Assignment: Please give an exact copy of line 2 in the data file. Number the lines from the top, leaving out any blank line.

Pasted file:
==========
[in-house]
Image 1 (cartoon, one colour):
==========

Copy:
Image 1 (cartoon, one colour):